Skip to content
Tax Practice Development

How to “scale” your tax & accounting firm

Nadya Britton  Enterprise Content Manager for Tax and Accounting at Thomson Reuters Institute

· 5 minute read

Nadya Britton  Enterprise Content Manager for Tax and Accounting at Thomson Reuters Institute

· 5 minute read

Many tax & accounting firms today are looking to "scale" their business operations, which simply means growing revenue faster than associated costs

By intentional design or simply due to the culminated circumstance of the last three years, most tax & accounting firms now are offering more services to their current clients or are trying to attract new ones.

For some firms, it is part of their growth strategy, but for others it is a way revamp and reinvent their businesses. Not surprisingly, growth remained a top priority for most tax firms, according to the recently released 2023 State of the Tax Professional Report. Yet regardless of the reason, many tax & accounting firm leaders are wondering how best to move that strategy forward. And, for those firms that have yet to move forward because they were unsure how to make it happen, they have to think about how they will begin.

What is “scalability” for tax & accounting firms?

Nearly all tax & accounting firms need to look at how they can become scalable, says Mo Arbas, Senior Business Advisory Consultant for Tax & Accounting Professional Services at Thomson Reuters. Scalability is simply “an organization’s ability to grow without being hampered by its structure or available resources when faced with increased production.” In short — “increase revenue faster than cost,” explains Arbas, adding that for accounting firms it is merely about growth because for them, growth equals adding resources at the same rate as adding revenue.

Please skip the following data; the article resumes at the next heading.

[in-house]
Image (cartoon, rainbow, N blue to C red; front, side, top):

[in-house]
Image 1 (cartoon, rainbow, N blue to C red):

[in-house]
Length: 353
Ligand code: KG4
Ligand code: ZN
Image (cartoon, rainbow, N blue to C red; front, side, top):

Indeed, the difference between professional services firms and a business in which a physical product is produced and sold, is that the business understands and can more easily scale up the production of the product in order to have more products to sell, and therefore potentially increase sales and profits. Conversely, for professional services firms — and especially for small and solo tax firms — their product is, for example, the number of tax returns that can completed by the number of individuals who are required to get those done.

When a firm then looks to add services or even increase the number of tax returns it’s going to do, it will also have to look at what resources are needed to accomplish the desired increase.

Considerations before scaling

Interestingly, only 22% of new businesses launched in the past 10 years have successfully scaled their operations, according to a McKinsey & Co. There are many reasons why this number so low, but for professional services firms to have a better chance at success, there are a few factors that need to be considered, such as: